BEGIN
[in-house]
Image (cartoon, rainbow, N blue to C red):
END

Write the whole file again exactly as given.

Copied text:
[in-house]
Image (cartoon, rainbow, N blue to C red):